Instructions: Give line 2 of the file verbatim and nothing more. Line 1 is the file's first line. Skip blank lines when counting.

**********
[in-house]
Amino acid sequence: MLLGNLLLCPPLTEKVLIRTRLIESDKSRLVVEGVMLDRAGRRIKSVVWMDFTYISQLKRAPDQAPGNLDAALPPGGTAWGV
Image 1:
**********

Amino acid sequence: MLLGNLLLCPPLTEKVLIRTRLIESDKSRLVVEGVMLDRAGRRIKSVVWMDFTYISQLKRAPDQAPGNLDAALPPGGTAWGV